The fury unleashed by the deaths of 74 people at a football match in Port Said spread across Egypt yesterday, with at least six people killed in rioting in Cairo and Suez in the east, and 1,500 hurt.
In the capital, hundreds of protesters hurled stones at ranks of riot police camped just 50 yards from the Interior Ministry. One civilian was shot dead at close range just in front of the ministry, the hated symbol of Mubarak-era abuses which many blame for the bloodbath in Port Said on Wednesday. A policeman was reportedly among those killed in yesterday's clashes.
Two civilians were killed in Suez when they were struck by live ammunition as police tried to prevent a crowd from breaking into the local police station, health officials said.
The rioting yesterday in Cairo was led by a group known as Ultras, hardcore football supporters whose members were among those killed when hooligans stormed the pitch in Port Said. They joined thousands of other activists who descended on the capital demanding an end to the ruling military council.
"What happened on Wednesday night was a crime," said Alaa Ali Osman, who travelled hundreds of miles from the Red Sea coast to Tahrir Square yesterday. "It wasn't an accident, it was planned."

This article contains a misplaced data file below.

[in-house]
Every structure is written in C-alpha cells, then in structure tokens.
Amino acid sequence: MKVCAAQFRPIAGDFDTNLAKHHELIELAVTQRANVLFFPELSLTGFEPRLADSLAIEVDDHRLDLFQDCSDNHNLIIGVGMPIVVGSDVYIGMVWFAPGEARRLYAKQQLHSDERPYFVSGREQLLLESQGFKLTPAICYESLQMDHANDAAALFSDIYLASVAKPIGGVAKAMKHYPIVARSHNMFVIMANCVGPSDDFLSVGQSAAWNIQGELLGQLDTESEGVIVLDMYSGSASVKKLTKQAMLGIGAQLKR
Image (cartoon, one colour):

There was further speculation in the Egyptian press yesterday about the causes of the disaster. An article in the Egypt Independent, an online paper, quoted residents from Port Said who said large numbers of unidentified "infiltrators" gained access to the stadium before the match started. Football supporters from the home side said many of those present on the night were not regular fans – a claim backed up by some of the Ultras targeted during the riot.
It feeds into a narrative being pursued by some MPs and commentators, who allege that police deliberately allowed the disaster to happen, or even orchestrated it by deploying networks of thugs and criminals.
There has been little evidence to back up these claims and the Interior Minister, Mohamed Ibrahim, yesterday blamed fans for the disaster. Nevertheless, the conspiracy theories have stoked further violence and anger in a country struggling with deteriorating security since the toppling of former president Hosni Mubarak in February last year.
Elsewhere yesterday, in the Sinai Peninsula, two female American tourists and their Egyptian guide were kidnapped by Bedouin gunmen. The trio were snatched near St Catherine's Monastery, the pilgrimage site at the foot of Mount Sinai, as they made their way back to Sharm el-Sheikh. Tribal leaders in the region later negotiated their release, but the incident will further harm efforts to entice tourists back to Egypt.